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Corrupted Principles and the Challenges of Critically Reflective Leadership

Christine Cunningham

Corrupted Principles and the Challenges of Critically Reflective Leadership documents the author’s research as a K-12 principal in an elite American International School in Bolivia. During those years she kept a daily journal of her work that revealed exactly how the school fabricated college transcripts and passed failing students and examines why the school remained unaccountable for its corrupt actions.
Against a backdrop of national crisis when Bolivia’s indigenous majority struggled to gain executive political power and invoke inclusive and pluralistic education reforms, this book details how the school’s plutocratic processes helped to guarantee that its wealthy young graduates would retain their privileged place in society.
As the title suggests, Corrupted Principles and the Challenges of Critically Reflective Leadership reveals the author’s professional Dilemma to remain true to her education ideals while leading a corrupt school. How she resolved this ethical predicament is the crux of this study and illuminates the challenges and inspiration of doing Critically Reflective Leadership.


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CHAPTER 8 School Reconstruction? 191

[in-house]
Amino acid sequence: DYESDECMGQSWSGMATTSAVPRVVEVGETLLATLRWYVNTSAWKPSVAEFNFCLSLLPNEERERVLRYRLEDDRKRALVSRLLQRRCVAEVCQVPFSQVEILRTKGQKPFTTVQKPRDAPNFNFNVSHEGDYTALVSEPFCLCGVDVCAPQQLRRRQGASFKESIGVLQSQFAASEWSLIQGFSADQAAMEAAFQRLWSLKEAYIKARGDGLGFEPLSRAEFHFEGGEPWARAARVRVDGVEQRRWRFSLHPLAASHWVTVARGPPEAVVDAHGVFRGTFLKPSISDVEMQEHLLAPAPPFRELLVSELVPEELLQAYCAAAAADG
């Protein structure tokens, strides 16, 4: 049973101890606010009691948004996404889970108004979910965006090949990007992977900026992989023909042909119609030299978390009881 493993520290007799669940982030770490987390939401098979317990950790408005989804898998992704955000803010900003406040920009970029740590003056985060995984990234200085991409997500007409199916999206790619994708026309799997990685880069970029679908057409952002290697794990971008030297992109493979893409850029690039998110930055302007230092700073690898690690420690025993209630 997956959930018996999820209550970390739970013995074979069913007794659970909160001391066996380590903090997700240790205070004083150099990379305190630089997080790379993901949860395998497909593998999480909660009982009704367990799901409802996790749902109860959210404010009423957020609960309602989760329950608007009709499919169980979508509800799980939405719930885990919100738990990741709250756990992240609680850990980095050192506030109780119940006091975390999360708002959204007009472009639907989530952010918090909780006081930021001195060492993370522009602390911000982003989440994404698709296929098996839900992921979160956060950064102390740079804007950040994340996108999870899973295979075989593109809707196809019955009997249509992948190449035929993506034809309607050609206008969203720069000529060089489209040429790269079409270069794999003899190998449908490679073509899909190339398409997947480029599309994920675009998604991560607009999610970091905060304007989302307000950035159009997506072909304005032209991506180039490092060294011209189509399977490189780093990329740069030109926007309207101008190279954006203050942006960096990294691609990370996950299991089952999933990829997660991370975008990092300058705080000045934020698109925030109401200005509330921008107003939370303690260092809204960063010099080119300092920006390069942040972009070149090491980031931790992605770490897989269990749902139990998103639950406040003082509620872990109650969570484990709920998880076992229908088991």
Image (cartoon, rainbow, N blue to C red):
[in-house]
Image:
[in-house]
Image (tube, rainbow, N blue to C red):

CHAPTER 8 School Reconstruction? You should write as if you were already dead. That is the only way to write with in- tegrity (Attributed to Nadine Gordimer in Pusey, 2003, front pages). If we have the courage to rise to this challenge to name what’s happening within our schools, then we also need the courage to be activists and go out and fight like hell to change it (Attributed to Jonathon Kozol at ). Moving from Critique to Action In this penultimate chapter of my thesis I would like to try and focus on the reconstruction phase of Critically Reflective Practice, or CRP, with the intention of moving my analysis beyond critique and towards trans- formation. In reality, however, I have come to the conclusion that my experiences at Colegio Americano did not actually go through the cycli- cal step of reconstruction that Smyth proffered in his methodology. Thus far, the three stages of CRP I have already completed – de- scribing, informing and confronting – have enabled me to “see the nature of ideological domination” at Colegio Americano by investigating the 192 historical conditions and contemporary forces that constrained and shaped practice at the school (Smyth, 1986: 24). Throughout these steps, my reflective technique has exposed my professional practice and the school’s education processes to critical scrutiny. In doing so, I have devel- oped theory from my lived experience. This has allowed me to assimilate theory-making from practice and now the methodology suggests that I try to reconstruct the school’s practices, or...

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